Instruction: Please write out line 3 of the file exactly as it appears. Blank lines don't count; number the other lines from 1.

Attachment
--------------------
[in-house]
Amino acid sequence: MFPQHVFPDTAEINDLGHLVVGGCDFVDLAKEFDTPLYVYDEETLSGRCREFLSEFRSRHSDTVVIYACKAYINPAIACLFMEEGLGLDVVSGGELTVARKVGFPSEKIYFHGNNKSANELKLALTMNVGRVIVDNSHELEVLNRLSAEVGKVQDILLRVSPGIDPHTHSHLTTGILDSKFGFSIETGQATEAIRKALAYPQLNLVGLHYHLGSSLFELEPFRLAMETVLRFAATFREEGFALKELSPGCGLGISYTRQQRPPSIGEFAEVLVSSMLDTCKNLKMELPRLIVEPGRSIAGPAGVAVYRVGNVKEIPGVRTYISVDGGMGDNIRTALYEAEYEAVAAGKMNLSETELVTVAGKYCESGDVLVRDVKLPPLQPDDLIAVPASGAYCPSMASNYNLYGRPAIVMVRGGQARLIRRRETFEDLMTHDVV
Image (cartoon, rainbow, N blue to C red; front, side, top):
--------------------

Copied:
Image (cartoon, rainbow, N blue to C red; front, side, top):